How to Dual Boot MacOS High Sierra Beta & Sierra on Partitions

Jun 14, 2017 - 8 Comments

Dual boot MacOS High Sierra on a new partition

The macOS High Sierra beta can be installed and dual booted alongside a stable release of MacOS Sierra, El Capitan, or another Mac OS X release. This can be a suitable option for developers, beta testers, and pro users who want to try out the new MacOS 10.13 beta release without overly committing to it, as it leaves the primary stable macOS release intact on the same computer and does not overwrite it. When finished, you will be able to boot between either the beta macOS High Sierra release, or the stable macOS release that already was on the Mac.

This is aimed at advanced users only. Do not modify a partition scheme or install any beta operating system without completely backing up the Mac first with Time Machine or your backup method of choice. Failure to backup may result in permanent data loss.

Remember, beta system software is notoriously unreliable, slow, and problematic, do not run beta system software as a primary operating system and do not install beta system software over any important data.

How to Dual Boot & Install macOS High Sierra Beta to Separate Partition

Note you can initiate this dual boot creation and install process from the current macOS installation, or directly from a macOS High Sierra beta USB install drive too.

  1. Back up the Mac, do not skip this step
  2. Download the macOS High Sierra beta installer from the Mac App Store (you will need to be enrolled in the beta testing program)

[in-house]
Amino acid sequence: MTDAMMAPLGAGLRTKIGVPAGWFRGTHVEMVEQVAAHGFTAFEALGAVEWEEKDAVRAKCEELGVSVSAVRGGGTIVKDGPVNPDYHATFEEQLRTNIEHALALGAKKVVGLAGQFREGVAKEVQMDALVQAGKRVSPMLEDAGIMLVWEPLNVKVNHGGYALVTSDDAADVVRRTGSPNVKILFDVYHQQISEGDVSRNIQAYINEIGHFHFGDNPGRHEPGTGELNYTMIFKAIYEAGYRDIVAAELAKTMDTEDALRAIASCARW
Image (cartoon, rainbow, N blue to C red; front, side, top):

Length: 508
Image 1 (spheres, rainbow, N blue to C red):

3. Download macOS High Sierra

  4. Open Disk Utility on the Mac then choose the primary hard drive and go to the “Partition” tab
  5. Click on the + icon and create a new partition, give it an obvious name “High Sierra” or something similar, and assign it a reasonable amount of space (20GB or more) and click Apply to create the new partition
  6. Create a new partition for macOS High Sierra

  7. Quit out of Disk Utility
  8. Open “Install macOS 10.13” app from the /Applications folder (or choose the installer from the USB boot drive)
  9. MacOS High Sierra installer
    Install macOS High Sierra beta

  10. Go through the installation menus and at the disk selection screen choose “Show All Disks” and then specifically select the new partition you created a moment ago called “High Sierra” – do NOT install over your primary partition
  11. Choose show all disks to select MacOS High Sierra partition to install onto

  12. Install macOS High Sierra beta as usual, when finished macOS High Sierra will boot automatically

The process is pretty straight forward and is largely the same with macOS High Sierra as it was with most other Mac operating system releases.

Essentially this offers a way to test out the High Sierra beta without overwriting your primary macOS install, each operating system will be self contained on it’s own partition.

Switching Between & Booting High Sierra or the Other Mac OS Release

You can restart and switch between the beta macOS High Sierra release and the regular Mac OS installation anytime with either of these methods:

  • Choosing the volume to startup in  Apple menu > System Preferences > Startup Disk
  • OR by holding down the OPTION / ALT key on system start and selecting the boot volume and operating system to boot